Reloading

Reloading saves you money, allows more shooting and helps create rounds much more accurate than you’d buy off the shelf. Gun Digest’s reloading section gives you the pertinent data and resources to help you turn your reloading bench into a quality ammunition factory. Reloading DataPerformance Handloading Blog.45 ACP Reloading DownloadAckley Cartridges DownloadCartridge Basics Download

Nickel brass cases are visually appealing, since the coating resists tarnishing after being handled.

The Nickel Brass Case, Reloading the Shiny Sibling

Nickel brass cases are the shining gems of ammunition, resistant to tarnishing, no matter whose sweaty hands have been on them. But to use the component for reloading takes some understanding of the material's characteristics.

Many tend to think the belt on belted magnums is to help the cartridges handle high pressure. In reality, the belt creates proper headspace in a rifle's chamber.

Belted Magnum Cases: A Myth Dispelled

The dominant feature of the belted magnum is, obviously, its belt. But, the unique facet of the cartridge's design does not function the way most believe it does.

Neck sizing is a snap, all that is required is a specialized neck-sizing die such as this one made by Redding.

Neck Sizing, A Bolt-Action Specialty

For those aiming to milk the most accuracy from their bolt-action rifles there is a reloading technique right up your ally – neck sizing. By only resizing the neck of the cartridge shooters can tighten up their groups in a jiff.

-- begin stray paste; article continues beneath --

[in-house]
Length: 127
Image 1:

Classic expansion of a bonded core bullet, a 400-grain .416 Swift A-Frame recovered from a Cape Buffalo.

Bonded Core Beauties, Not Your Grandad’s Bullets

It's hard to deny the bonded core bullet has been a game changer when it comes to ammunition. Offering incredible penetration, expansion and ballistic performance, the bullets have become the go-to option for big game hunters.

40 Smith & Wesson ammo needs to be taper cripmed.

Cartridge Crimp Styles and Uses

Crimping a cartridge is the final step in producing ammunition and it must be done. But the type of crimp used to hold a bullet in place all depends on the type of ammo you're reloading.

A .458 (left) and a .500 Nitro Express (right), each tipped with a 500-grain round nose bullet.

Round Nose Bullets, Too Often Overlooked

Round nose bullets should definitely have a place on a reloader's bench. They are a superior close-range option, remaining as accurate as a spitzer, while delivering more energy on target.